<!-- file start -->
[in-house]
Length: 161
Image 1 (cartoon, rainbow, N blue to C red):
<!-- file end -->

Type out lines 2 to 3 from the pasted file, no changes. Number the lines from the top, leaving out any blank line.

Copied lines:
Length: 161
Image 1 (cartoon, rainbow, N blue to C red):